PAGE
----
An undercover BBC investigation found that Syrian refugee children have been making clothes for British shoppers. Factories in Turkey found that children have been working on clothes for Marks and Spencer and the online retailer ASOS. Many adult refugees were also seen working illegally for the brands like Mango jeans and Zara.
On the other hand the brands have said that they carefully monitor their supply chains and do not tolerate or allow exploitation of refugees or children. Marks and Spencer says that they conducted inspections that did not find a single Syrian refugee working in its supply chain in Turkey. But Panorama managed to find seven Syrians working in one of the British retailer’s main factories.
It was also found that the refugees earned a little more than a pound an hour which is way below the Turkish minimum wage. The refugees were employed through a middleman who paid them in cash on the street. One of the refugees, on the condition of anonymity said that they were poorly treated at the factory. He said, “If anything happens to a Syrian, they will throw him away like a piece of cloth.” The youngest worker at the factory was 15 years and was working more than 12 hours a day just ironing clothes before they were shipped to the UK.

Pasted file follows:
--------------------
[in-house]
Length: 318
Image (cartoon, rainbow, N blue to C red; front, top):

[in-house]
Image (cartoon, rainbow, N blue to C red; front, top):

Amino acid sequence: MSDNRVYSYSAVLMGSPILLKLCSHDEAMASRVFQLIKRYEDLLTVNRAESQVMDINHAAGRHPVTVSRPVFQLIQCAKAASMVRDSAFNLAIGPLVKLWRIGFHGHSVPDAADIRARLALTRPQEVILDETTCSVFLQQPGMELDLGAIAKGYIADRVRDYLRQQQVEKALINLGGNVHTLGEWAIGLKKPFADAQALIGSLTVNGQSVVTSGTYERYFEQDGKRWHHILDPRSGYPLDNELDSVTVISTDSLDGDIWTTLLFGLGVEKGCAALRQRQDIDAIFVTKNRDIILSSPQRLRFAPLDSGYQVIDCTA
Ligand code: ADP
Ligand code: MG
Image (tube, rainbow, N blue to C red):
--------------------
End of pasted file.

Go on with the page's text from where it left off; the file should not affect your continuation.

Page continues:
A Marks and Spencer spokespersons said that the programme’s findings are very serious and unacceptable to them. It is also offering permanent legal employment to any Syrians who were employed at the factory. The brand clarified that they follow ethical fundamentals and all their suppliers are contractually required to comply with their Global Sourcing Principles that cover what they expect and require from them. M&S has also promised that they would ensure that such things do not happen again.
Photo Credits: globalsupplychainlawblog